A war has ignited between the Justice Department and several states over their controversial new immigration laws, and Republican senators are stepping into the fray, looking to prevent the Obama administration from challenging these laws as unconstitutional. Sen. Jeff Sessions (R-Ala.)—with cosponsors Jim DeMint (R-S.C.) and David Vitter (R-La.)—will soon introduce legislation that would prevent the Justice Department from filing lawsuits against the state laws.
At issue: a slate of harsh, new, GOP-authored immigration laws in South Carolina, Alabama, Georgia, Indiana, and Utah that are largely modeled on the controversial immigration measure passed in Arizona last year. That law made it illegal not to carry one’s immigration documents, gave law enforcement officials the green light to detain anyone suspected of being an undocumented immigrant, and made it a state crime to reside in the US illegally.
Since then, various states have approved copycat laws, attempting to dictate immigration policy in lieu of comprehensive federal reform. And the feds have struck back. The Justice Department sued Arizona over its law, and the more controversial elements were blocked by a US district court. A federal court in Alabama, meanwhile, has blocked parts of that state’s law. And in October, the DOJ filed a lawsuit against South Carolina, whose bill is scheduled to go into effect January 1.
Sessions, DeMint, Vitter, and their supporters argue that when it comes to immigration, the federal government has fallen down on the job, forcing the states to step into the breach. They blast the DOJ’s actions as an egregious assault of states’ rights. Vitter calls the DOJ challenges nothing but “politically driven lawsuits.” The agency, Sessions says, “needs to stop going after states that are taking steps in harmony with federal laws to see that our immigration laws actually are enforced.”
The law passed in Sessions’ home state of Alabama is widely regarded as even harsher than Arizona’s. It blocks undocumented immigrants from receiving state or local public benefits, prevents them from enrolling in public colleges, bars them from renting property, and requires public school officials to verify their students’ immigration statuses.
To investigate whether the law violates the Civil Rights and the Equal Educational Opportunities Act—which gives US resident children the right to attend public school regardless of nationality—Assistant Attorney General Thomas Perez requested access to enrollment records in the state’s school districts with large Latino populations and information on students who may have withdrawn from school since the law went into effect. But Alabama officials refused to comply with the request, arguing that the feds have “no legal authority to compel production” of education records. State Attorney General Luther Strange instructed Alabama education officials not to cooperate, and he asked Perez to prove he possessed the authority to request state education records. “Otherwise, I will assume you have none, and will proceed accordingly,” Strange wrote to Perez.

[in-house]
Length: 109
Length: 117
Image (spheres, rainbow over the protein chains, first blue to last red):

Sessions’ bill would codify the states’ intransigence. “It’s hard not to see this as bell-whistle politics, this kind of call to let the states go their own way,” Marshall Fitz, the director of immigration policy at the Center for American Progress, says. “The only reason they’re doing this is to say, ‘We stand with Alabama,’ ‘We stand with Arizona,’ and ‘We stand with South Carolina.’ And by doing that, they’re emboldening the kind of nativism that has unfortunately led to a moral and humanitarian crisis that we’re seeing in Alabama right now.”
Frank Sharry, executive director of America’s Voice, an immigration reform group, says that Sessions’ proposed bill smacks of hypocrisy. “Sessions, Vitter, and DeMint are three of the senators most responsible for stopping federal immigration reform. Then they blame Washington for not solving the problem and defend states for taking federal law into their own hands,” Sharry says.
Fitz and Denise Gilman, an immigration law expert at the University of Texas, fully expect the DOJ standoff to reach the Supreme Court. “The Justice Department felt it had to step in and engage in some litigation, both as a means of communicating the federal government’s position on this kind of legislation…and to resolve the legal issue. The Supreme Court will determine what is permissible and what is not permissible for states to do in terms of immigration policy,” Gilman said.
But while the Sessions bill sends a message to states, the DOJ intends to continue sending messages of its own. In an email to Mother Jones, a Justice Department spokesperson says that the department will continue to review immigration-related laws like those in Georgia, Indiana, and Utah, to determine whether they interfere with federal law.